By Celeste of And What a Mom!
I’m a recovering Facebook junkie. There should be a 12 steps program to deal with this troubling addiction.
For a time, I would log in before getting out of bed, during every bathroom break, and anytime a conversation started to stall. Nursing sessions with my son we’re incomplete without at least one newsfeed scan. And if you let me, I could rattle off superfluous information for my 442 “friends,” some of whom I haven’t seen since elementary school, to anyone who would listen.
But I started to notice something recently that troubled me and made me take a break from the Facebook madness for several months now: Facebook made me an asshole.
I found myself less happy, more unsatisfied with myself and my own life, and jealous of friends with their vacation photos and status updates of big personal or career achievements. I was annoyed by happy news, perturbed by controversial opinions, and livid over events my friends were attending where I — gasp — wasn’t even invited!
So I took a step back. I decided to take some time off and reflect on the positives and negatives of Facebook to determine whether it was worth continuing on this road to madness or finding new ways to waste my time. Three months into my sabbatical, I stand by my initial revelation. Facebook truly made me a self-conscious, dishonest, angry asshole. Here are five reasons why:
1. Jealousy – This one seems obvious, but here’s an example: Liz went to the Bahamas last week? That’s so cool, right? No. Fuck her. How does she even have the money to do that? And with that boyfriend I told her was “not a great fit” (girlfriend code for a douchebag). What is she thinking? And look at that bikini pic. She’s totally sucking in there, and it’s probably photoshopped anyway.
2. Cyber Stalking – Wow, it is so easy to stalk people on Facebook. Even people who aren’t your friend. Has anyone else noticed this? I’ve spent hours cyber stalking old boyfriends, old crushes, old girlfriends, old frenemies. What a friggin waste of time. And how sad is it that my ex has the tech-saviness to block me but doesn’t realize new girlfriend Fatty McFat-Fat keeps almost all her pics and updates as public. Meaning I can see everything. I know about the ring, you dum dums. Wow, this one really makes me feel like an asshole. If anyone needs me, I’m going to be in a corner, curled up in a fetal position, hating myself.
3. Dishonesty – I don’t think I’m alone in saying I do not reveal the full truth in my posts, my updates, and my pictures. I tend to edit my updates with what I think will garner the most likes, only post photos that make me look pretty/smart/successful, and filter my comments so as not to upset anyone. And I know almost everyone else is doing it too, which makes me wonder how much truth there even is on Facebook. How many pics did Liz toss before finding that one shot that’s angled just right (and totally photoshopped) and makes her look 10 pounds thinner?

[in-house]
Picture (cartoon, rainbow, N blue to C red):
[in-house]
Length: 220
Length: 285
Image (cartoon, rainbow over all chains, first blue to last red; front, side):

4. Staying Present – Sometimes I would get so caught up in how a life-altering moment would be crafted for Facebook, I missed out on just being present. When my son walked for the first time, I was almost frustrated I couldn’t get a good video to capture the moment perfectly. I wasn’t jumping for joy and hugging my baby with a mother’s pride. I was tinkering with my iPhone, trying to shift the camera from landscape to portrait, looking for the source of lighting glare, and begging my son to “try it again, but go towards the fridge this time, honey!”
5. Sequestering “Likes” – There are unspoken rules to what gets liked and what doesn’t. I reserve my clicking hand for “liking” updates based on very certain criteria. I don’t care if you just had your first baby, cured cancer, or won the Nobel Peace Prize. If you haven’t liked any of my Facebook posts, I’m not going to like yours. Welcome to kindergarten, folks. Wait, it gets better. If you like some or most of my posts, there’s an 80-100% chance I will like your posts back. It’s just common courtesy. But if you say something I disagree with (e.g. politics, abortion, gun control), all these rules get squashed. Not only will I not “like” it, once or twice I’ve been petty enough to de-friend. Yep, I’m an asshole.
After all this, you can see why I’ve stepped out of the Facebook game. Of course, there are things I sorely miss. I hate hearing about pregnancies, engagements, and other happy news weeks after everyone else. I hate feeling less involved in my friends’ day-to-day lives than I used to be. And I have to work harder to maintain some of my closer friendships by putting more effort into face time, emails, and phone calls. Yes, some relationships have faded as a result. But with my closer friends, I see the superficiality melt away. Instead of keeping tabs on their lives through a newsfeed, I can connect with them individually and on a deeper level. I would go so far as to say our relationships have grown.
Yes, I’ve considered that maybe I’m just an asshole and it doesn’t really matter whether I’m exercising my poor, ugly characteristics through Facebook or another outlet. But I truly believe that Facebook has made me a worse person. And if cutting it out of my life helps me be a better friend, mom, and human being, let’s call this post Step 1 – Admitting the problem.
About the Author
Celeste is a mom to a toddler and expecting another boy in 2016, and loves to write about the good, bad, and the “what the heck am I doing??” parts of motherhood. She is also a marketing professional, which has armed her with bountiful experience in cleaning up poop and managing temper tantrums. Follow her journey and learn about The Ultimate Mom Challenge™ here and on Facebook.